So since my vision is so much different than the club's purpose, at this point in my life I don't see a need for being a member and probably not for some time if ever. I won't say never. For now we are at different purposes. I want to get people out to a decent to excellent dark site so they can see the difference in observing from suburbia or an urban area. I have spent about 5 of those "dark sky trips" this year teaching someone how to observe and use a telescope, often my own, in order to observe with the hope they may take a long term interest in the hobby. For me that is outreach, actually teaching people how to use a telescope to find some of the easier objects in the night sky. People, especially younger people want to do more than they just want to come take a look. That is why I feel there is little growth in clubs from the younger generation. We want to show, we want to tell. Young people don't care about that. They want to do, they want to learn on their own. Great that I know it. They want to learn how and then be let loose. For me the very nature of outreach has to change in order to get young people interested in the hobby. Then again what do I know, I'm just an educator professionally. Show someone the sky and you have them for a moment. Teach them the sky and to use a tool to observe it and you just may open up a new hobby to them.

So don't be too hard on a club. Just know what the club's guiding purpose is and decide if it fits with where you are at. If not, stay involved in the hobby but do it on your terms with what interests you. Selfish? Maybe, maybe not, but who cares? Really? Who cares? How I enjoy the hobby and how someone else enjoys the hobby means there is more than enough room for all types under the amateur astronomy tent.

I do invite anyone to go observe at a local good to excellent dark site and see the difference. Don't stay in the safety of the light polluted skies, but as Rush says in SubDivisons, venture out into the "far unlit unknown." You just may get bit by the dark site observing bug and spend a lot time visually observing. Warning, Thermacell will not help in keeping the observing bug from biting you if you go to a dark site. You may just get addicted.

Edited by JayinUT (10/30/13 05:28 AM)


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scopefreak
scholastic sledgehammer
****

Reged: 04/14/04

Loc: Mayslick KY
Re: my negative experience in an Astronomy club new [Re: JayinUT]
      #6166003 - 10/30/13 09:32 AM

I agree with this post 100%!! I too feel the same way and in a lot of ways did/do the same things when I was involved in the several clubs I was involved in. Now I have no options for joining a local club as there are none anywhere near where I live.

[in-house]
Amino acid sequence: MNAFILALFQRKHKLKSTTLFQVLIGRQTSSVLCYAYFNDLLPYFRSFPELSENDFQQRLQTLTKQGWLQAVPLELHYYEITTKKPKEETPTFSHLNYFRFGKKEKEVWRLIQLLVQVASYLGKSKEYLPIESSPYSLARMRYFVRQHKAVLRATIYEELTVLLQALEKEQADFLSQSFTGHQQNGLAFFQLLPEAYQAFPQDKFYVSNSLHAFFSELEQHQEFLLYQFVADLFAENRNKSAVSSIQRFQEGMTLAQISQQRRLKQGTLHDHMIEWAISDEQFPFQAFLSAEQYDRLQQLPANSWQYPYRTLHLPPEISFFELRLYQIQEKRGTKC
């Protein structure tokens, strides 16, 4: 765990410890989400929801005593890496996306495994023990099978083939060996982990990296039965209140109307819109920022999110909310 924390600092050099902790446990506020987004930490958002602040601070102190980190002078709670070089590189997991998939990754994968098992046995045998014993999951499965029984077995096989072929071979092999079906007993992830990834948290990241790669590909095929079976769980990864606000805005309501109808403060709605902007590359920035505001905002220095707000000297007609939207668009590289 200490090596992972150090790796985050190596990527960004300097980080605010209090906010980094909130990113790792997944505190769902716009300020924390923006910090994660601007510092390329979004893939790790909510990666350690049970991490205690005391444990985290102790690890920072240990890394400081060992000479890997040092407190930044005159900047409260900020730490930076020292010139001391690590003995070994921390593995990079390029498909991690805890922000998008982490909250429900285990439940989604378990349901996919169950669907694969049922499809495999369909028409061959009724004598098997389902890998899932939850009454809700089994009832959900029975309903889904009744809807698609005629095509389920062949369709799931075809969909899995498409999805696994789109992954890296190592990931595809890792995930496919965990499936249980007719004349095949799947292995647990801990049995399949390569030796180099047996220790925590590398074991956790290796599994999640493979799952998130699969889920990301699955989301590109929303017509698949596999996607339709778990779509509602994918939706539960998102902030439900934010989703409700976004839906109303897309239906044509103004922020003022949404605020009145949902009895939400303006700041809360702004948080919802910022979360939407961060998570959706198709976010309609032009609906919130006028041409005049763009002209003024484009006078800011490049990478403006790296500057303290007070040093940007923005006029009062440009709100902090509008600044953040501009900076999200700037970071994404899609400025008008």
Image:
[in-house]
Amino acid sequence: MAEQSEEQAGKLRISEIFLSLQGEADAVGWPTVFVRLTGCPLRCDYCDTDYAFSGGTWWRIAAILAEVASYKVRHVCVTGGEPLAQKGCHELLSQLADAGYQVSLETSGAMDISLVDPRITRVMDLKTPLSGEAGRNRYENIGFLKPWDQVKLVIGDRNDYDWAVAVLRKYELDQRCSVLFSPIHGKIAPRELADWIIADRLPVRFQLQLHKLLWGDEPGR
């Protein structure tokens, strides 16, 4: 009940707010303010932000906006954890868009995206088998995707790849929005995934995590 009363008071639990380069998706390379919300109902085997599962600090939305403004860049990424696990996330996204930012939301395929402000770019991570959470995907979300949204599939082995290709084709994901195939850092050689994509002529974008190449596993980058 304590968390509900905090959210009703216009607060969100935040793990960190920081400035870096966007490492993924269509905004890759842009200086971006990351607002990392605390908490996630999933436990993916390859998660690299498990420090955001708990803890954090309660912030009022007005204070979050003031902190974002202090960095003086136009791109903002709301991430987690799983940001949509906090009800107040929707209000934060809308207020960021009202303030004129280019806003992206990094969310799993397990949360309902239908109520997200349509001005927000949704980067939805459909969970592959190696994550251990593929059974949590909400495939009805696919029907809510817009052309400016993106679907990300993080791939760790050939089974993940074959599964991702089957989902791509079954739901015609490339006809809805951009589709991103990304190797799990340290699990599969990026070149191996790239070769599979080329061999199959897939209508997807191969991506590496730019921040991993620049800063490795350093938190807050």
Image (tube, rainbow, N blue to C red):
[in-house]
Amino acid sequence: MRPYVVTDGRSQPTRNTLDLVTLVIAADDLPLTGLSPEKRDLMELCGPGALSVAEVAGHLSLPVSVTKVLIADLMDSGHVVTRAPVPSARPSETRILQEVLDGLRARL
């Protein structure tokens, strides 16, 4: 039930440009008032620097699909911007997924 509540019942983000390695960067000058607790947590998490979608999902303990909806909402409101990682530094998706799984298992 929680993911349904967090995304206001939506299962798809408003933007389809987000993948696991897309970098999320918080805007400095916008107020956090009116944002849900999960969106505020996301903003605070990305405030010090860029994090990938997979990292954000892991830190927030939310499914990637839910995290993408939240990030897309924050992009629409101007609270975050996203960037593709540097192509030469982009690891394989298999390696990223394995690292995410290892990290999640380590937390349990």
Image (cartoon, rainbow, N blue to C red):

I have my observatory and have had a few people out to observe with me that are rank beginners and it was a fun time. I enjoy teaching and talking to folks about this magnificent hobby and I thirst for that again in the form of a club environment. Alas, it's not to be. I have even gone so far as to try and garner interest in forming a club but I keep running into brick walls, ie. can't get any people to show up for public viewing nights at the local community college, putting flyers at the library and getting no replies, etc....

I will keep pressing on and maybe someday before I die I will again be involved with some sort of organization.

One can only hope.......


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stevecoe
"Astronomical Tourist"
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Reged: 04/24/04

Loc: Arizona, USA
Re: my negative experience in an Astronomy club new [Re: scopefreak]
      #6168938 - 10/31/13 05:23 PM

Hi Jay;

I am glad to see that you go the 14 inch up and working...and that you are using it under clear skies.

In my club we have a public viewing session once in the Spring and once in the Fall. They are fun and lots of great folks attend, both with scopes and novices who just want a look. That is about all I want to do when it comes to outreach. New Moon is my time to view the sky.

There are club members who have contacts with teachers and they get some members to go to a school and set up. That is fun and I have done it a few times.

The good news is that there is room for all types of observers.

Clear skies;
Steve Coe


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Zebra24601
Postmaster
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Reged: 10/09/05

Loc: San Gabriel Valley, CA 91770
Re: my negative experience in an Astronomy club new [Re: Joe F Gafford]
      #6435312 - 03/28/14 10:59 PM

Quote:

A young lady showed up at our monthly Open House and asked simple questions at first and she got into it very quickly. Me, Larry and some others helped this young lady along because she really soaking these things up. She was elected to the board, then vice president, then president when Larry got ill. She was elected president on the following term. She left afterwards to SoCal to marry her boyfriend and she got on at Griffith as volunteer operator on the 12" Zeiss right after the big renovation. Then she got on at Mt. Wilson as part time maintenence on the bubbly Hooker 100" and then at JPL as a tour guide. My sister and I had her last year while we toured JPL. My sister asked her on how she got into astronomy and she turned in my direction and did a double point at me and said "He and some others at the DAS got me insterested". I melted at that. What comes around....